While you can be confident that no damage is occurring to you or your property if you find this type of condensation, you should still give your window sills and frames a check over for any little cracks or gaps that might let moisture collect inside your walls. If this happens it could lead to a problematic damp issue — and it’s better to be safe than sorry!
Why do you get condensation between window panes?
Spotted condensation between your window panes? Be aware, this is a sign you have a failing window unit.
Window seals have a job to do. Unfortunately, if you see fogging between the panes of glass, they’re no longer fulfilling it. If this has happened to your windows, the insulative gas has leaked out of your double or triple glazing and moisture has seeped in. This will become clear when the temperature of the glass drops below the dew point, as condensation will form between the panes!
Once the insulating gas has leaked out of the window there’s no going back. Always try to fix the problem as soon as possible or endure a poorly-performing window. It’s not always possible to avoid seal failure as lots of things can cause it. Anything from extreme weather conditions to everyday wear could have caused your internal condensation.
You might be able to tell how big the break in the seal is, as the more condensation there is, the bigger the break (generally speaking). We’re sorry to say that the only way to solve broken window seals is to replace your windows. This might sound tedious, but with a professional provider like us, replacing your windows can be quick and easy.
How do you stop window condensation?
Lots of household activities can release moisture into the air. Using the washing machine, drying clothes indoors, taking showers and baths, and simply cooking your dinner are all culprits that can contribute to increased moisture levels in your home.
While you can’t stop living your life to reduce the risk of condensation, there are some simple ways you can keep it under control.
Use your extractor fans
Bathing, showering, and cooking can all create humidity. Ensure you use your cooker hood extractor fan when you’re in the kitchen and install extractors in your bathroom and shower room if you can.
Regularly opening your windows helps to keep your home properly ventilated, so get into the habit of doing so every now and again. Also, you should always open your curtains and blinds in the morning to prevent the formation of humid air between the curtain and the glass.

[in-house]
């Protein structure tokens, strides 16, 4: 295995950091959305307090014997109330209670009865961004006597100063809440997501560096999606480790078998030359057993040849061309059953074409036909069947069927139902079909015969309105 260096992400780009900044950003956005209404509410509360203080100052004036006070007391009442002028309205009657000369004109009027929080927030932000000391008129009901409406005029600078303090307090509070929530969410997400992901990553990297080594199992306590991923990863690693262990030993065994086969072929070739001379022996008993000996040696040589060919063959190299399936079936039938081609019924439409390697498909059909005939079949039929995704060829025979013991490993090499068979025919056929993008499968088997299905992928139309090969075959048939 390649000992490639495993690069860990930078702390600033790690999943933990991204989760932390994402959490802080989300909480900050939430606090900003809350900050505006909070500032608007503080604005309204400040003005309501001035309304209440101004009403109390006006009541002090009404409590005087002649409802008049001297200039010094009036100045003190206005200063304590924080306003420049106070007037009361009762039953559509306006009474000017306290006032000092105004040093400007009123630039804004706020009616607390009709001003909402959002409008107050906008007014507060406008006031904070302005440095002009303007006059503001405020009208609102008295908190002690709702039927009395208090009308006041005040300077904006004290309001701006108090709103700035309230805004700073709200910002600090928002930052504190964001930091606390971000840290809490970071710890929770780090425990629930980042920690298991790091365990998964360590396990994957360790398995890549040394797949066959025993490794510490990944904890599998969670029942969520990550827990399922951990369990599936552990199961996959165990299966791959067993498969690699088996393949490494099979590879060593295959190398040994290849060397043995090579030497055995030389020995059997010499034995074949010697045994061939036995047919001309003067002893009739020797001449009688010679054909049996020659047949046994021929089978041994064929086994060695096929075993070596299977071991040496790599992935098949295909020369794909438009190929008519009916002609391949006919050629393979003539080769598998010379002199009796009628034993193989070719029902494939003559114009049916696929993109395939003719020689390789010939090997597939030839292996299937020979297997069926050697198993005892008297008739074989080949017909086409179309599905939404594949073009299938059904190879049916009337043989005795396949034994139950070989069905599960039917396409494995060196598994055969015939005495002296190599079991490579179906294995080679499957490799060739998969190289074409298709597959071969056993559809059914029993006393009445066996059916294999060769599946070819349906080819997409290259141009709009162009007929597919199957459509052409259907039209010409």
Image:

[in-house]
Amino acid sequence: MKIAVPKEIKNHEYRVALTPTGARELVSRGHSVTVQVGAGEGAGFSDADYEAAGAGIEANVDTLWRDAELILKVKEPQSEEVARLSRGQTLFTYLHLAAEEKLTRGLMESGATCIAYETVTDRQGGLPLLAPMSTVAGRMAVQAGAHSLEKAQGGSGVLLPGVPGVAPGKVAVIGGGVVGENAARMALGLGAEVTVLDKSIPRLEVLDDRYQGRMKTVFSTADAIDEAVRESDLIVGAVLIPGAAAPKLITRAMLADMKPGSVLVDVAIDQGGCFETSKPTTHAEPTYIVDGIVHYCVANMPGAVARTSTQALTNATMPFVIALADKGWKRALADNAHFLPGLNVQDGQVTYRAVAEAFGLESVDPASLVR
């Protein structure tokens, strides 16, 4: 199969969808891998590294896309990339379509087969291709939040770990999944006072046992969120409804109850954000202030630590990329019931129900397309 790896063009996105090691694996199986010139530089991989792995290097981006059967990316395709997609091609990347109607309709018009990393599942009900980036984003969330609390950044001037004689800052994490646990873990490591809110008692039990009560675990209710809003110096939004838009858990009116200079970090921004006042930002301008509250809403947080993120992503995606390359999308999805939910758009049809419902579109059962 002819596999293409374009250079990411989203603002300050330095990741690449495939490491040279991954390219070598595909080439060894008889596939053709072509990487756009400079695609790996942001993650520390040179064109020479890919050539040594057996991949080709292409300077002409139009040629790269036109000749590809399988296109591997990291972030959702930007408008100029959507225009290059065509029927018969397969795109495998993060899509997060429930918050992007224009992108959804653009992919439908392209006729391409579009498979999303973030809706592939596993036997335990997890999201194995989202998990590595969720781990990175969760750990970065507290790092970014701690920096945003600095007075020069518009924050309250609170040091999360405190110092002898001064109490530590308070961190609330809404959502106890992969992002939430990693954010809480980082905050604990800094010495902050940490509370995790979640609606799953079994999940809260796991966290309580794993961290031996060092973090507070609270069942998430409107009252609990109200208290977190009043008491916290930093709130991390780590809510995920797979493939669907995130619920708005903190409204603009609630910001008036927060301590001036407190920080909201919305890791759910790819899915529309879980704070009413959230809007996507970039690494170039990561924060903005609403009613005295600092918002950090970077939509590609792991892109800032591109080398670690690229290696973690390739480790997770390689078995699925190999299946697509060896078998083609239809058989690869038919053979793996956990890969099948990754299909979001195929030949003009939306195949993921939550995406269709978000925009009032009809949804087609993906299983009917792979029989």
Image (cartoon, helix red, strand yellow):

Dry clothes outdoors
Try not to dry your clothes inside, but if you have to, doing so in a well ventilated area will help to reduce any humidity it can cause.
Try a dehumidifier
An automatic dehumidifier can really help to reduce condensation, and you should be able to purchase one at a range of different price points. The most affordable option is to buy a dehumidifier box with damp crystals which work to remove excess moisture from the air.
Turn down your thermostat
If you can turn your thermostat down by a few degrees and still feel comfortable, then see if this helps. Remember, the warmer the air in your home, the greater the amount of condensation!
Do you still get condensation with double and triple glazing?
You might be disappointed to see condensation on your newly installed double or triple glazed windows, but this is a good sign that they are functioning as they should.
Double glazed windows are certainly better at preventing condensation on the inside of the pane than single glazed windows (as they do a better job at retaining heat). However, if you are determined to reduce it as much as possible then you should upgrade to triple glazing.
An additional pane of glass can reduce your window’s U-value to 0.8 which means your home will be very well insulated (the lower the U-value, the more insulative the material). The temperature differential between less insulative windows and highly insulative walls can contribute to condensation as well. Installing triple glazed windows can deal with this problem as they are generally nearly as insulative as modern walls.
Upgrade your windows
If you don’t already have double or triple glazed windows and are currently facing a damp problem in your home, investing in a window glazing upgrade is the best first step towards tackling it.
At Atlantic windows, we create glazed doors and windows that are guaranteed to provide excellent thermal efficiency and security. Contact us today for your free, no-obligation quote or drop by our Hayle showroom to chat to us in person.